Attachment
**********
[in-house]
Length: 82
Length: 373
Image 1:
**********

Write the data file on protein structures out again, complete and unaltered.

[in-house]
Length: 82
Length: 373
Image 1: